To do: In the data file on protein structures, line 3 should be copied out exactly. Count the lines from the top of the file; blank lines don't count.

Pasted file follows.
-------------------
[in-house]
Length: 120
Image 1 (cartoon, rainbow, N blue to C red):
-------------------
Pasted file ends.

Image 1 (cartoon, rainbow, N blue to C red):